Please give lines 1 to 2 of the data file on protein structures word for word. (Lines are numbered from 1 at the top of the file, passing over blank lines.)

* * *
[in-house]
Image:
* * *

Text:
[in-house]
Image: